International Ice Hockey Federation

Canada wins thriller in OT

Canada wins thriller in OT

Mattheos scores the decisive goal

Published 15.04.2017 23:07 GMT+2 | Author Andrew Podnieks
Canada wins thriller in OT
POPRAD, SLOVAKIA - APRIL 15: Canada celebrates after Stylianos Mattheos #12 scores the overtime game winning goal against Slovakia to win by a score of 4-3 during preliminary round action at the 2017 IIHF Ice Hockey U18 World Championship. (Photo by Andrea Cardin/HHOF-IIHF Images)
Stylianos Mattheos snapped a hard wrist shot over the shoulder of Jakub Kostelny at 2:38 of overtime to give Canada a 4-3 win over Slovakia.

"I came off the bench and saw McIsaac had the puck," Mattheos recounted. "I called for it and thought I saw a lane for the shot, so I took it, and it went in."

Canada had struck for three late goals in the first period to erase a 1-0 deficit, but Slovakia scored two goals--late in the second and early in the third--to send the game to overtime. 

The hosts were spurred on by a sellout crowd of 4,318 that was supportive all night long.

"It's kind of hard to focus sometimes when they're against you," Isaac Ratcliffe said, "but it also makes for an awesome atmosphere."

"We have a lot of character," enthused defenceman Marek Korencik. "We lost by one goal to Finland and one goal to Canada. We have a good team, and our fans are amazing. We lost because we played badly for 90 seconds. That's it. I'm proud of this team. We were better than Canada, maybe. And Canada is something."

The win moves Canada to 2-0 while the Slovaks have a single point with two losses (regulation and OT).

This was not an easy win, and Slovakia certainly deserves all the credit in the world for playing their collective hearts out.

For Canada, undisciplined play was the number-one feature of the game. Canada drew nine minors as well as a misconduct to Maxime Comtois in the first for shooting the puck between goalie Juraj Sklenar's pads long after a whistle.

To the plus side, Canada's entire team blocked countless shots in front of Ian Scott. 

In the end, though, Slovakia might well have been the better team this night, save for a two-minute lapse at the end of the first.

"They were a very strong team, and I don't think we were expecting that," Ratcliffe said. "We came out a little slow, but we got three quick goals, which was great."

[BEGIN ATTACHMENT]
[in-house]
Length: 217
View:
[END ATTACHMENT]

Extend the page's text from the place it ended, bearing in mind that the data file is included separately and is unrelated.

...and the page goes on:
Canada had won all nine previous meetings at the U18 level, and the Slovaks had never scored more than two goals in a game. All that changed tonight as Slovakia earned its first ever point from Canada.

"We can play better," Mattheos said. "We got better as the game went on, but we took way too many penalties. It's a bit of discipline, but the standards are also a little tighter, so we have to get used to that."

The Slovaks whipped the crowd into a frenzy by scoring at 8:37 on a power play. Adam Ruzicka’s bad-angle shot was awkwardly stopped by Scott, but the puck rolled in behind him and Milos Roman was there to knock it over the goal line.

Canada didn’t tie the score until a late flurry stunned the crowd into silence. It started at 18:18 when Mackenzie Entwistle skated down the left side and tried to pass in front. Sklenar got a stick on the puck, but it bounced in front anyway to Kyle Olson who snapped it in.

Just 18 seconds later, Canada took the lead. Mattheos drove down the left wing and cut sharply in front untouched. He made a little deke on Sklenar and stuffed the puck in the far side.

Then, with just eleven seconds remaining, Ratliffe collected a loose puck in centre ice after a block inside the Canadian blue line. He wired a hard shot over Sklenar’s glove from the top of the circle.

"It was a great block by Jaret [Anderson-Dolan]," Ratcliffe recalled. "It was a character play, and I couldn't have scored without that block. I was able to grab the puck in the neutral zone and get a shot off. Luckily enough, it went in."

The Slovaks got the only goal of the second, and deservedly so. They outskated Canada and drew several penalties and were rewarded at 16:34 on a great play from Roman. Driving down the left wing, he spotted Patrik Hrehorcak to the back side and fed him a hard pass. 

Hrehorcak wired a sleek one-timer past Scott to revive the crowd and make the third period all the more interesting. 

"We just wanted to keep going after the first," Korencik said. "We had 40 minutes left to play, so let's play!"

It didn't take long for the game to take another turn. Adam Liska found a loose puck in the slot and snapped a shot off the far post past Scott at 2:38 to tie the game. The goal came short-handed and proved to be the goal that sent the game to a 3-on-3 overtime.

"We got a little too comfortable when we got the 3-1 lead," Mattheos admitted. "But in the end we were on the penalty kill too long. It was good to get the win."


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